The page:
University Housing to launch program in fall 2017
2 weeks ago
Nathan SteinleMercury Staff
To advance female representation in the STEAM fields and help foster connections among those female students, University Housing is piloting a program in fall 2017 called Women in STEAM, which will be a new Living Learning Community on campus.
From the LLC website, “Living Learning Communities are groups of freshman students who share academic goals and interests … live in designated residence halls, enroll in community-specific courses and participate in group activities designed to enhance learning.”
The new LLC program, spearheaded by University Housing LLC Director Mary Jane Partain and Computer Science Senior Lecturer Janell Straach, is the latest attempt on campus to provide female students with the support they need to excel in STEM fields.
Straach said she felt the pressure of such stereotypes during her college years and was upset to learn that the situation in STEM was no better for the next generation of women.
“The program is an educational and academic community of females meant to harbor a sense of companionship and belonging within their classes, their majors, and into their professional lives,” she said.
There are currently seven LLCs at UTD which are geared for freshmen, but Women in STEAM is the first LLC offered to sophomores, juniors and seniors with the express goal of helping female students feel more connected in their area of study, and to stick through to graduation and beyond. Twenty-eight applicants will be selected for the new program.
“We have 28 spots available in the program mostly because there were only that many apartments available, and because in the first test run of any program it must remain relatively small so that things don’t get out of control,” Partain said.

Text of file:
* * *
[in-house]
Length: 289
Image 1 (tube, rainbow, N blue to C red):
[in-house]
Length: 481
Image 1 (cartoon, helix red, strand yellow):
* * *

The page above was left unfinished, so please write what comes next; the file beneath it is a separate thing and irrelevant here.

The new program welcomes female students majoring in engineering, computer science, arts and technology or emerging media and communication.
“While we don’t want to actively exclude anyone from this program, we also have practical limits. For example, we had to pick a few majors that are similar enough that the 28 students can easily relate to each other,” Partain said.
The program will be housed in the new Phase 7 apartment currently under construction. There will be one peer advisor serving as a liaison between the students and the main advocate of the program, Straach. Through this structure, Partain and Straach will seek feedback from the students to improve the program based on their needs.
Partain and Straach consulted a few campus organizations to understand what kinds of features and actions the students will find appealing.
The program will host numerous activities and events, such as inviting guest speakers from industry and academia to share their experiences and offer advice. The program will also engage in educational outreach at local public schools to inspire young minds.
It also aims to tackle issues with female representation in the workplace.
For instance, as Erik Sherman from ***Fortune*** magazine reports, “In 2013, only 26 percent of computing professionals were female — down considerably from 35 percent in 1990 and virtually the same as in 1960.”
“A major purpose for this program is to construct a pipeline for female students to follow from elementary school to their professional careers after college. Through various outreach and service activities, Women in STEAM will work to create a natural thread that future generations of female students can follow,” Partain said.
Women in STEAM is the first of its kind at UTD in its creation of a community of female students who are empowered by common connections.
“We definitely want to expand the program after this pilot run is a success, so that anyone who wants to be in the community and is eligible can be accepted,” Straach said.
Partain and Straach have decided to extend the deadline another month to April 21, because they want to make sure that as many eligible students as possible have a chance to apply.
There are no added costs to being a part of the Women in STEAM program.
“We truly just want to do our part in helping to build an environment where young women can achieve their goals,” Partain said.